Kitty Foiled is a Hanna-Barbara Cartoon that came out in May 29th, 1948. It introduces a new character, Cuckoo.
A frightened canary watches the chase as glass breaks and other fighting sounds are heard throughout. Tom attempts to smash Jerry with the broom but he swings and accidentally breaks a lamp and glasses. Jerry hides in the one unbroken glass and runs away, but Tom picks up the glass and waits for Jerry to realize he is captured. When he does, his heart starts beating and extending out of his chest. Before Tom can club the mouse over the head with the broken end of the broom handle, the canary escapes from his cage by unlatching the base of the cage, which falls onto Tom, flattening his head with a cymbal noise.
Tom pursues Jerry, chasing him into his mousehole, into which Tom's face gets caught, elongating his nose. Tom then spots the canary, beating his wings into the air within his cage. The cat leaps for him, but instead gets himself caught inside his cage, which he then seals with the base. He flies onto a table and then runs away as Tom pursues him, but instead Tom pokes himself through the center of the table and swallows the canary. Fortunately for him, the ever-present "cuckoo...cuckoo...cuckoo" gag allows the bird to escape.
Tom runs after the bird, and then rises into the air, beating his deltoids in order to stay afloat in the same matter as the canary. Tom grins at the camera until he runs into the wall and three potted plants hit him on the head. The cat recovers and sees the canary pacing away under a fourth pot. He covers the pot and pokes his eye through the hole. As Tom reaches under the pot to grab the bird, Jerry inserts Tom's tail into the windowsill and snaps the cord. Tom untangles himself and storms after the mouse, and the canary dives down and gives him a lift. They enter the hole, and Tom's nose is once again elongated, but this time, he has swallowed the duo. The mouse and canary squeeze out and take sanctuary in the mouse hole.
After some time, Jerry allows the canary to fly back to his birdcage, but Tom suddenly appears from behind a sofa, mouth wide open, and the bird flies into Tom's mouth. Jerry retrieves the bird by using a hammer to break Tom's teeth, freeing the bird from his prison. The canary kicks out Tom's last tooth and flies off. As Tom snatches Jerry in his hand, the canary pulls up a floorboard and traps Tom's tail under it. In pain, Tom leaps up, and smacks his head on the cage, causing it to fall down on his head and onto the floor.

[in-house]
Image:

As Tom chases Jerry around the corner, the canary pulls him behind a curtain. Jerry and the bird trick Tom by dressing as two Native Americans and setting out from the curtain. Jerry waves and mutters "how" as the canary innocently smiles and waves. Tom does not catch it for a while, but soon sees the trick and chases after the two. The canary flies back into the small white enclosure strapped to Jerry's back. The mouse turns around slowly in dread, and they run off. The canary sticks his tongue out at Tom, only to bump his head on a chair. Tom chases the canary, and soon changes direction and goes after the mouse. Jerry and then Tom dive under a polar-bear skin complete with head, and when Tom pops out of the mouth, the canary (on top of it) stomps on the head. Tom shrieks in pain and rolls his tongue out.
Tom dives for the canary, but stops short in midair when the canary picks up a gun. Tom backs up in dread until he is cornered next to the fireplace. Seeing a perfect opportunity, Jerry drops a light bulb, making a noise similar to a shot. Tom, oblivious, believes he was actually shot, utters a dramatic grunt of pain, and sees from the mirror his "grave." Tom flips a coin as he "dies" on the floor. The mouse and the canary celebrate, shaking hands with each other, plus a revived Tom.
Noticing the cat, they decide to distract him by repeatedly shaking each other's hands and both of Tom's hands. Tom gets swept up in the moment of goodwill, and Jerry and the canary make Tom's hands shake one and then sneak away to the tune of "Auld Lang Syne". Tom soon realizes his hands are shaking each other and chases both, but the canary escapes, while Jerry runs into the leg of a chair for the canary bird heart. Tom catches Jerry and ties him to a toy train track, and then gets on a long toy train and activates it. The terrified canary grabs a bag with a bowling ball inside and carries it across the room to where the scene unfolds: Tom, with vicious glee, is approaching the mouse fast (accompanied with a fragment of Rossini's Barber of Seville Overture), who begins to say his prayers. However, when the canary cannot hold the bowling ball anymore, it falls out and crashes through the railway and the ground, in which the train plunges with Tom still aboard. Tom, along with the train, crash into the basement,
The short ends with Jerry and the canary whistling "My Blue Heaven."
- The train scene is used as a flashback in Life with Tom.
- This features the second time Tom screams, first was in Solid Serenade.
- Kenneth Muse returned to Tom and Jerry cartoons starting with this one.
- This is the only cartoon animated by Irving Levine.
- The title was seen on the sign of the theatre from The Tom and Jerry Show episode It Ain't Over Until The Cat Lady Sings.
- This short is included as a bonus feature to the movie Tom and Jerry's Giant Adventure on at least Vudu and Prime Video.
- Cartoon Network and Boomerang cut out the scene that shows Jerry and the canary dressing up as Native Americans.
- In the UK everything involving the gun is cut. After Thomas is hurt with the bear rug, it cuts straight to the hand-shaking scene.
- The scene where the canary holds the gun and points it at Tom was cut in Asia Pacific.